As an adult, I try to remember that every behavior has a reason. A child doesn’t throw a chair at a window just because they’re bored. They don’t scream and bite because you asked them to do their work–something triggered them and they’re reacting to make sure that they are physically and emotionally safe. The child might be protecting themselves from getting attached to you because they’re afraid of being abandoned again, they could attack you because at some point something bad happened when they were touched on the arm…every behavior is caused by something in your past.

“The opposite of love is not hate, it’s indifference.” – Elie Wiesel

Giving people attention is hard work–it’s an emotional investment. When you love someone give parts of yourself to them. Hate is another strong emotion that involves thinking about someone else, and actively putting energy towards them. Strong emotions lead to actions.

The worst thing you can do for someone who needs help is to not strongly care about the issue. Anything less than hate or love is not enough.

Indifference, or not caring is worse than showing that you give a crap about what the child just did. They figure out that it’s better to be yelled at and have someone actually see you then to be ignored and feel like nothing you do matters.

“I’m glad you’re here, I want you to be safe, and you matter to me” is a message that I try to give the kids whenever we interact.

 

Failing Myself

“I tried to go to seep for real, not because I felt tired, but because I felt sad. Failing other people, I could just say “sorry”, but it hadn’t occurred to me that I was failing myself. I didn’t want to fail myself. I wouldn’t know how to apologize for it.” -Sahara Special  by Esme Raji Codell

I’m not great at apologizing; it’s only recently that I learned the format of how it should be properly done. I grew up learning that if someone is unhappy you turn to them and say “sorry”. Sorry is an empty word– by itself it doesn’t mean anything, especially with how often and thoughtless it is used in our society. A real apology has 3 parts, and I learned what they were when I was really hurt by a friend, and was talking to someone about what I needed in order to move on and keep that friendship that I so desperately want.  An apology is not just a single word, it’s not something that has a defense or a “but”, and it is something that you actively acknowledge that you can do something differently next time that the situation comes up.

The three steps to an apology are:

  • stating what was wrong,
  • taking responsibility/letting the other person know that they understand why you’re upset
  • stating how they will work to improve it next time.

A proper apology makes the person feel better; it’s fixing hurt feelings and repairing friendships, not grumbling a word and forgetting about what happened so that you don’t feel guilty when it happens again. “sorry” in my experience just leads to resentment.

When you fail someone else, you can give them a sincere apology and move on with life. You may not feel great for a while if you truly understand how the person felt, or if they shoved all the guilt down your throat, but you do move on. It’s much harder when you fail yourself; you can’t go through the routine and fix everything.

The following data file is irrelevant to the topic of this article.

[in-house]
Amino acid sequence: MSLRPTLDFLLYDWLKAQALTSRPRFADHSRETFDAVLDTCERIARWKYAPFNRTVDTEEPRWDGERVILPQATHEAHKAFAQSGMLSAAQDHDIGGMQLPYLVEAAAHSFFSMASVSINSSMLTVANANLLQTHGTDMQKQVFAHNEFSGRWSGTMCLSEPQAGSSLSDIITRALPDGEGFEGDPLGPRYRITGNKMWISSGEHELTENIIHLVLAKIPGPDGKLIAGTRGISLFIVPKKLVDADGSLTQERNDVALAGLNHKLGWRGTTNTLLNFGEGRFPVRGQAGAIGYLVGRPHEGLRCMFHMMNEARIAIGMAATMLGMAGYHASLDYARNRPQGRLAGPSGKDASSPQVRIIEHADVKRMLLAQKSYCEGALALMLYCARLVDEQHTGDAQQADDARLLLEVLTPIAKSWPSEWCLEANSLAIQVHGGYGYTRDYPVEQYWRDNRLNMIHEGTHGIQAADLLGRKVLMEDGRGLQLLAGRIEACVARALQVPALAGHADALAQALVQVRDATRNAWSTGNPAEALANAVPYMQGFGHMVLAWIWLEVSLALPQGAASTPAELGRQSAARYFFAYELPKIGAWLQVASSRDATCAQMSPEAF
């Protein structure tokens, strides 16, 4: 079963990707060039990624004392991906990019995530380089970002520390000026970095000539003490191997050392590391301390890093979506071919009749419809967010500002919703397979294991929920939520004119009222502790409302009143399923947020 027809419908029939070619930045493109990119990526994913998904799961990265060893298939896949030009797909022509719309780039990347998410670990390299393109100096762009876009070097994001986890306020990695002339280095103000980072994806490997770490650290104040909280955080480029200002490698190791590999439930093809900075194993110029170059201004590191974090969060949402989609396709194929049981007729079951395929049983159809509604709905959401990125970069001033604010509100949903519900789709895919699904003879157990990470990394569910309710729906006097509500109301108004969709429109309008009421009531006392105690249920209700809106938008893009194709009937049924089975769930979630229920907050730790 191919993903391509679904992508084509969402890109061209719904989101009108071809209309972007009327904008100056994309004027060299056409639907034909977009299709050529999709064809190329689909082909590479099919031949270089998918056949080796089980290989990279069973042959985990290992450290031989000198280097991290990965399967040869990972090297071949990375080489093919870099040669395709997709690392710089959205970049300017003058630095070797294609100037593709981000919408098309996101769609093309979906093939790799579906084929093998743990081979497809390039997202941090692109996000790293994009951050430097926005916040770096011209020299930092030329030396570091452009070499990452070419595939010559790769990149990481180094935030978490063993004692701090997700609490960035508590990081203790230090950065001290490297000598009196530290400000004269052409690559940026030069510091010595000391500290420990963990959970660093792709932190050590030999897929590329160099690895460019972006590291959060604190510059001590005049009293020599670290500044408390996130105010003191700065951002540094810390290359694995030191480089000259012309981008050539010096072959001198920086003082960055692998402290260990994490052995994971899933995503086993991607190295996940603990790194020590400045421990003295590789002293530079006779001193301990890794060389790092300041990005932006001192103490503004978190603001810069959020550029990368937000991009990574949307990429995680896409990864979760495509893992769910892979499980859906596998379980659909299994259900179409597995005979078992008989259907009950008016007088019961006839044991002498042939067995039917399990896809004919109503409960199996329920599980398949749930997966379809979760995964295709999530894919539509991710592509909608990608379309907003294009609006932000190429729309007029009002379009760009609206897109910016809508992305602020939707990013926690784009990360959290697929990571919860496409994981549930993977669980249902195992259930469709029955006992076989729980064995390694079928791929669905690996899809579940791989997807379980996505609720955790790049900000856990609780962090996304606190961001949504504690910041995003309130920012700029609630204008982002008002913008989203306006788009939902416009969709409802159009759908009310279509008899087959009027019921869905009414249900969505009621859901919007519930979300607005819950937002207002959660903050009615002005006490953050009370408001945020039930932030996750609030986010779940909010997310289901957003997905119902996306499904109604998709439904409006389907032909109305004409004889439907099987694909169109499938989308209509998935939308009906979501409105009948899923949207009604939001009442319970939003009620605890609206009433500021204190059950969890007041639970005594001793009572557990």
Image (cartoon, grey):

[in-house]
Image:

Failing yourself is easy: get depressed and dig yourself into a hole that doesn’t allow for any self care, make decisions that you regret later, use avoidance as your stress management, find out that others really love you and that you don’t feel the same way. We all have our own individual ways to feel like we failed, no matter what it is, we are flooded with anger, guilt, sadness, anxiety, and telling ourselves that we were wrong doesn’t help.

My self failures mostly have to do with avoidance. If I get stressed out that something bad will come in the mail, or I don’t want to deal with an email that I know is coming, or will continue to come, I avoid everything that may be near it. I’ve kept unopened bills for months because I knew that I couldn’t pay them. I opened new email accounts, or stopped emailing when I knew that there would be emails that said “there’s a problem with your account” or emails that are asking me if I’m still participating in things that I ended up getting depressed and stopped doing. Eventually it all catches up with me and I have a lot of adult-ing that I’m not happy to be doing. It always catches up to me, and when it does, I deal with it because I have no other choice. I know that it’s my fault, I know how to fix it and how to not have it happen again, and I pay the bills. Even after everything’s done, I feel like shit.

I feel guilty that I let it happen, I feel bad that I have to scramble to catch up, I feel useless as a wife because I disappointed my husband, and I still worry that it will happen again, because it has, and sometimes I just can’t.  Sometimes I don’t have the money, sometimes my anxiety is to high for me to function well enough to call and work out plans, and sometimes I’m so depressed that I haven’t showered in a week and sleep more than I’m awake.

I don’t know how to apologize to myself for failing. I do know that having a friend and a sister who understand my fucked up chemical imbalances are great places to turn– they’ll listen and give me enough weed or booze that I can sleep or at least stop soothing self harming behaviors. I know that I can take extra self care routines, and I can talk to my psychologist to discuss adjusting my medication for whatever issue made me unable to deal.

Failing myself is disappointing the person who matters most in my life, and it has the side effect of hurting the people that I care most about. It’s hard because I see myself as a passionate person who CAN get things done. It hurts because I know that it’s myself holding me back, and it’s hard to fight yourself.